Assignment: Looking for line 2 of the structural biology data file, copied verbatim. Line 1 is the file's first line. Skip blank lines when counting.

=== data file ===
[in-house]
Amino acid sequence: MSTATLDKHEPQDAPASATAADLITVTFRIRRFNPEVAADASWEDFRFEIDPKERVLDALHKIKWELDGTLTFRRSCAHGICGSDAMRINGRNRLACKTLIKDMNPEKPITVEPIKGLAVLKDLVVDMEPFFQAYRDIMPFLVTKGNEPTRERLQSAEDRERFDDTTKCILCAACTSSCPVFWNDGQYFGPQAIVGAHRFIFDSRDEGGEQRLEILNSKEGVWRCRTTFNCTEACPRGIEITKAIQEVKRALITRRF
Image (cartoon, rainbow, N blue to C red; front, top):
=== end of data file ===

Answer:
Amino acid sequence: MSTATLDKHEPQDAPASATAADLITVTFRIRRFNPEVAADASWEDFRFEIDPKERVLDALHKIKWELDGTLTFRRSCAHGICGSDAMRINGRNRLACKTLIKDMNPEKPITVEPIKGLAVLKDLVVDMEPFFQAYRDIMPFLVTKGNEPTRERLQSAEDRERFDDTTKCILCAACTSSCPVFWNDGQYFGPQAIVGAHRFIFDSRDEGGEQRLEILNSKEGVWRCRTTFNCTEACPRGIEITKAIQEVKRALITRRF